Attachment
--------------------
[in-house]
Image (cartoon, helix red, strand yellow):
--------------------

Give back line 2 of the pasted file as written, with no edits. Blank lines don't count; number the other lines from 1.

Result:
Image (cartoon, helix red, strand yellow):